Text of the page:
Loan officers and servicers aren’t the only ones struggling with the disruption caused by COVID-19. As the pandemic rages on across the country, recruiters, robbed of the opportunity to meet candidates for valuable in-person interviews, are also being forced to adapt their strategies for finding the mortgage industry’s best and brightest.
“You always have to build trust and build a relationship with the person that you are looking at bringing on board at your company,” says Cherry Creek Mortgage’s national recruiter, Stephanie Treusein. But doing so at a time of social distancing isn’t so easy.
Teleconferencing helps bridge the distance between recruiter and recruit, but, as Treusein explains, a video call is not always the best way to feel a candidate out. Eye contact becomes unnatural, body language is obscured. As common as teleconferencing now is, it’s still a situation where few people are able to present themselves as comfortably as they would during a face-to-face encounter.
To mitigate that awkwardness while still building trust between her and her candidates, Treusein asks a series of high trust questions. Rather than digging into someone’s approach to originating straight away, she gets to know the applicant on a personal level. By learning about their families, their passions, their drives, Truesein displays the company’s appreciation for its employees’ lives outside of work while also learning valuable information about who her candidates are and what they hold dear.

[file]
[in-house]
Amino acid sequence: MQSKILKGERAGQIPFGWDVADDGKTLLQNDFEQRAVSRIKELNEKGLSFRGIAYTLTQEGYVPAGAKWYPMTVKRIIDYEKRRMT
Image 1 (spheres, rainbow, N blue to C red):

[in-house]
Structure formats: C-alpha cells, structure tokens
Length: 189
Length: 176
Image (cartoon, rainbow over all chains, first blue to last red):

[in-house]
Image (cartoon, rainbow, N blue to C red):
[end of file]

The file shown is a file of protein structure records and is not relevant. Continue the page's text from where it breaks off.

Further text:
“Those are the kinds of questions that will give you a little more insight into the person themselves,” she says, adding that a high trust approach to questioning can replace some of the human warmth and energy video calls inevitably chip away.
Teaching potential recruits about the company’s culture has also proven to be a fruitful strategy in attracting worthy candidates. But culture, Treusein says, “is hard to define if you don’t feel it.”
As someone accustomed to bringing candidates into Cherry Creek’s corporate office to meet its various department heads and get a sense of what the company is all about, Treusein has had to lean harder into other strategies for telling the story of Cherry Creek’s culture. She provides candidates access to current employees, which can help lessen the feeling of having the company sold to them by a recruiter. The company has also been busy on the social media front, producing webinars and videos from management that promote its employees-first, business-second philosophy.
“Culture is one of the biggest pieces,” Treusein says.
COVID-19 hasn’t completely derailed the recruiting process. By limiting Americans’ ability to leave their homes, it has, in one way at least, made Treusein’s life a little bit easier.
“When I want to make a call to somebody, whether it’s a cold call or a warm call, I’m getting people actually answering the phone and being able to have a conversation with them,” she says. “I’m able to really connect with a lot of people.”